Most Reverend Emmanuel Asante
The National Peace Council (NPC) said the road map to peace, between the indigenes of Hohoe and members of the Zongo Community should not be centered on the missing regalia.
Speaking on Thursday, Most Reverend Emmanuel Asante, Chairman for the NPC, noted that whereas it is of essence that the missing regalia be found, the roadmap for the restoration of peace in Hohoe and the restitution of cordial relations between indigenes of the town and the Zongo community should not necessarily be hinged on finding the missing regalia.
It will be recalled that last month, a fracas between some indigenes of Hohoe and some members of the populous Zongo community within the township, escalated into a series bloody clashes between the two groups which left several inhabitants of the area destitute and also culminated in the loss of three lives and the destruction of property running into thousands of Ghana Cedis.
In the aftermath of the unfortunate clashes, the Gbi Traditional Council reported of a missing regalia and subsequently charged leaders of the Zongo community to use all means possible to retrieve the item.
However, speaking about the incident a month down the line, the Chairman of the NPC, Most Reverend Asante stated that whereas it is imperative that all efforts be made to retrieve the missing regalia, in the event the regalia is not found the current tranquil relationship between the two groups should not be broken.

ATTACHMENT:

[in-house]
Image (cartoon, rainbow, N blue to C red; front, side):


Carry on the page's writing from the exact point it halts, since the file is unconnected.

“We should always look forward so that as the impermanent things pass away, we try to do our best to see what can be done,” he admonished.
Further to that, he made a passionate plea to the leaders, chiefs and people of the area stating that, “In any dialogue you enter into, even though you take a position, you also leave room for possible manoeuvring so that we find a lasting solution to it.
So we are praying to God that wherever that regalia is, if even in pieces, that we may find it but there is also the possibility that we may not find it, that doesn’t end the Gbi traditional area.
Our ancestors left it there for us to build on and others will also come and build on it.”